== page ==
They are compelling to look at, and I’ve always heard that they were smart. Now, a researcher at Macquarie University in Australia named Renata Pronk has demonstrated that they can interpret and respond appropriately to images on a television screen–as long as they are rendered in high-definition form. Pronk also determined that octopi, for all their smarts, lack individual personalities.
[Pronk] collected 32 common Sydney, or gloomy, octopuses from Chowder Bay, near Mosman, and showed them a series of three-minute videos screened on a monitor in front of their tank.
One video featured a crab, an octopus delicacy.
A second starred another octopus, while a third had a “novel object” they would not have seen: a plastic bottle swinging on a string.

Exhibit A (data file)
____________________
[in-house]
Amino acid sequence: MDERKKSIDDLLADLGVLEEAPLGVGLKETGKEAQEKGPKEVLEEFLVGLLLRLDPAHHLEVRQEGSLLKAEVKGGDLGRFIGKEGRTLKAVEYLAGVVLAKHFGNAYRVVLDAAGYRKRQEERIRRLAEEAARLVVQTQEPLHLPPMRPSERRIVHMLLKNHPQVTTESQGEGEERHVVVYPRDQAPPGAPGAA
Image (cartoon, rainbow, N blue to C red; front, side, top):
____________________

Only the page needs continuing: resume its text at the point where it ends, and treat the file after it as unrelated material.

Miss Pronk then watched each octopus for any consistent response pattern, such as boldness or aggression.
When the crab movie was screened “they jetted straight over to the monitor and tried to attack it”, she said, adding that was strong evidence they knew they were watching food.
When the octopus movie was screened some became aggressive while others changed their skin camouflage or “would go and hide in a corner, moving as far away as possible”.
On viewing the swinging bottle, some puffed themselves up, just in case the object was a threat, while others paid no attention.
But significantly, when the experiment was repeated over several days, she found no consistent response from any octopus. Such random responses implied octopuses have no individual personalities.
She suspected previous efforts to show movies to octopuses failed because their sophisticated eyes were too fast for the 24-frame per second format of standard-definition video.
“They would have seen it as a series of still pictures,” said Miss Pronk, who had success using high-definition, operating at 50 frames per second.
Pronk admits that she has a difficult time eating octopi now that she knows how intelligent they are. Personally I wouldn’t eat the most abject octotard–I’m not one for marine delicacies.